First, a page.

David Trinko: Accounting for how children use their money

Conversations in our house these days are more like discussions in an accounting department.

If our 16 year old daughter drives her sisters to the basketball game, would the tickets be an approved expense, paid for by our fictitious holding company Trinko Inc.? Approved.

If this is a joint transportation trip, will the household pay for gas? Approved.

What if she stopped at a convenience store to buy snacks for those same sisters? We need more information.

It’s interesting to see how young minds think about money.

Three of our four daughters are employed and earn their own money. We will continue to beat this 10 year old girl that she needs to start earning her own livelihood.

The 16-year-old is the queen of wanting to spend her money only on herself, which seems fair at first glance. It gets more complicated when she invites her sisters on after-school outings for slushes or ice cream that her parents don’t consider necessary or even wise, considering what they do for appetites at the hour dinner.

Our 15-year-old daughter, on the other hand, is very generous with her limited disposable income. She doesn’t believe we should pay for most things in her life. In fact, she is absolutely convinced that every expense could be the one that plunges our family into financial ruin and subjects us to life in a van by the river.

Our 22-year-old lives alone, so we don’t usually hear much about how she spends her money. When we do this, I usually make comments about needs versus wants, either out loud or in a low voice.

I struggle when it comes to disposable income. Honestly, my family didn’t have many when I was growing up. We were seven children and our parents provided us with everything we needed. There just wasn’t much room in their budget for many unnecessary expenses. If we wanted to attend a sporting event, for example, we would spend the money we won or received as a gift. That’s how it was.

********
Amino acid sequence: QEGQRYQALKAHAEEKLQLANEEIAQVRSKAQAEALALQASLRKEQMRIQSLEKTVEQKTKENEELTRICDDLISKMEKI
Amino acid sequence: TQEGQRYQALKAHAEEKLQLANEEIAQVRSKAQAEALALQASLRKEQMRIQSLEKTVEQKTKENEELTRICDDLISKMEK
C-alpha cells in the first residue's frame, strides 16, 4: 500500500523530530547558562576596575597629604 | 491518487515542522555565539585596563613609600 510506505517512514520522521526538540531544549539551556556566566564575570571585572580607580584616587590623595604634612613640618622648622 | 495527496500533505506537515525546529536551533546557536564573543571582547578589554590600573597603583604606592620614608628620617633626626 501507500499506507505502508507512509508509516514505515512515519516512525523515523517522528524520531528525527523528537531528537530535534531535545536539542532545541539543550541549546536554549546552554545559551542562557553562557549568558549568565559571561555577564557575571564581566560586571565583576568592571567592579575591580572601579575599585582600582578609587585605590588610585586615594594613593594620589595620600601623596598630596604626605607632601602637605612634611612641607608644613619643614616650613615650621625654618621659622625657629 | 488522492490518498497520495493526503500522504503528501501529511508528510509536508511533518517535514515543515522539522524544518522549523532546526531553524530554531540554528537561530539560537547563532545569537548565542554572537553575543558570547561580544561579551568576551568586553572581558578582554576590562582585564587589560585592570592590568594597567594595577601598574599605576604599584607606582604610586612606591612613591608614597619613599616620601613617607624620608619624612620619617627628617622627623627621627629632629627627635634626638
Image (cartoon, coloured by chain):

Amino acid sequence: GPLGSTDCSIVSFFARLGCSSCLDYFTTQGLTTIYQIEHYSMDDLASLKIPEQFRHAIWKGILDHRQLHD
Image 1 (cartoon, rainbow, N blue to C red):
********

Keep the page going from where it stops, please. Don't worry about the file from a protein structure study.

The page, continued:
Looking back, I’m happy about that fact. It helped me become financially independent. I learned to evaluate what I really wanted. It instilled in me a work ethic, and I’ve always had a job since I chose to work in newspapers in my early teens, back when newspapers allowed kids to do that kind of work. things.

Unfortunately for my kids, it also makes me a little stingy. In other words, I’m cheap. As my only daughter said recently, you just ask dad if you want to hear no.

Fortunately for my children, their mother has veto power over financial decisions. She has a broader view and a more child-friendly way of looking at these expenses.

The good thing about all of this is that our children will likely learn a little of this from each of us and apply it to their own lives. Sometimes they apply Dad’s money-saving methods. Sometimes they use mom’s generosity. They will develop their own financial morality to decide when it is right to lean in which direction.

Everything eventually balances out when you’re part of a family’s accounting department.

David Trinko is editor-in-chief of The Lima News. Reach him at 567-242-0467, by email at (email protected) or on Twitter @Lima_Trinko.

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